Our plant Ancestors.
Wild Zone Index:
Our ancestors lived in harmony with nature and let their wildflowers be their food &
as well as their inspiration
Legends and myths from Ireland alludes to the magical and mysterious nature of plants.
With a little work over the year you can start to transform a small area in the garden
your own native wildflower paradise. With a little imagination and these simple suggestions
you can re-create a sacred celtic garden, a medieval,
Anglo Saxon or a culinary
all from the wildflowers which will grow from the SEED MAT.
If your garden space is limited, you can cut the mat to fit patio planters or Transplant
seedlings to fill decorative terracotta pots.
Many of these wildflowers are herbs that can be kept near to the kitchen for easy access.
if you wish to fill your garden with wild flowers and herbs Remember that nature
will take her course naturally, and her genius cannot be rushed.
Ar chosta Chorca Dhuibhne
damhsaigh na sioda
I mblath an tsamhraidh......
On the cost of Chorca Dhuibhne (West Kerry)
the fairies dance
amid the flowers in summer meadows.......
The Irish Celts lived in a world where they were able to cross over into the world of
the Sidhe or fairy people. Why not encourage the fairies to visit your garden by
planting in some of the wildflowers held sacred to the Celts.
Plantain Plantago Lanceolata
- Interestingly this has acquired the folk name of
English mans' foot as where ever the Anglo Saxons stepped, they dispersed the seed
of the plantain. In Ireland the Celts called it herb of health. Mix an infusion with
lemon juice and honey as a diuretic and to pep up a sluggish urinary system.
Meadowsweet Spirea Filipendula
- Once called the 'bride of the meadows' and held
sacred to the druids : the creamy sweet flowers have been a traditional remedy for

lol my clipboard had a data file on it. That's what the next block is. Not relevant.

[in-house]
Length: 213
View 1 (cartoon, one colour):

headaches when infused in hot water. The flowers steeped in dew or rainwater were
made into a skin lotion.
The sweet smelling white flowers can be used to add a honey flavour to drinks.
Yarrow Achillea millefolium
- Known as the carpenters herb as the leaves have long
been used to speed up the healing of wounds when applied externally.
St Johns Wort Hypericum perforatum
- In medieval times it gained the reputation as
being the arnica of the nerves and was given when a sedative action was required.
When infused in oil it may be used as a cooling agent for sunburnt skin.
Sorrell Rumex acetosa- The leaves are an essential ingredient in salads as they have
a cooling action on the system, are diuretic and as lore has it "make men more
Wild Carrot Dacaus carota-
This has long been a favourite remedy for disorders of
the urinary and digestive tract. The seeds in particular were esteemed as having
Self Heal Prunella Vulgaris-
As the name suggests this was once considered a most
beneficial herb as it stimulated the bodies own healing processes. Today the flowering
tops are mainly used to ease sore throats
Mullein Verbascum Thaspus-
This has acquired several interesting folk names
Shepherds herb, ladies slipper, velvet dock, Aaron's rod and herb of St Fiacre. The
latter is the patron saint of gardeners. In times gone by the velvet leaves were worn as
insulation in the shoes and perhaps this is how it gained the reputation of having the
ability to prevent colds
Go on choose Design By Nature for seeds,
plants, advice and design.